Tuesday, January 1, 2008

Improve your writing skills by doing what good writers do

In the writing classes I teach, I discuss the five habits that most good writers share:

  1. They read good writing to get a feel for the rhythm of language and to learn how to use all the tools: words, punctuation, paragraphs, etc. (And “good writing” doesn’t necessarily mean classic literature. Every issue of People and Sports Illustrated includes good--and sometimes great--writing.)
  2. They write a lot, putting what they’ve learned into action by getting words down on paper. And they’re willing to make mistakes and learn from those mistakes.
  3. They revise. Good writers know that the first draft shouldn’t be the final draft. They’re willing to work on their writing until every unnecessary word is cut, and until their writing is as precise as can be.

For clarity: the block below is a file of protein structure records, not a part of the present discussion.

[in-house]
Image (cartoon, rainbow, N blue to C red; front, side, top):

4. They solicit feedback and have others proofread their writing, knowing that it’s worth seeking out the objectivity that comes with a fresh set of eyes.
  5. They look stuff up. They know that not even the best writer is perfect, so it’s all about limiting errors and learning by taking the time to look stuff up, both when reading and writing. Words they don’t know. References to people, places, and things they haven’t heard of. Rules of grammar and style they’ve forgotten or never knew in the first place.
If you want to improve your writing this year, start by looking at this list and considering where your time is best spent. If you're already a good writer, the quickest way to get even better is to focus on #5. And to make it even easier for you to find answers, here’s a short list of lesser-known resources that are just a click away:

Can anyone else recommend some great online writing and reference tools?


Cerpicio said...

It's not an online resource, but anyone serious about writing should read William Zinsser's "On Writing Well." Here's an excerpt.

whiteshark0121 said...

Great article, I always keep myself looking for new tips and ways on how to improve my writing and one of my favorite mentor on learning how to write a book is Mark Victor Hansen, co-author of Chicken Soup for the Soul.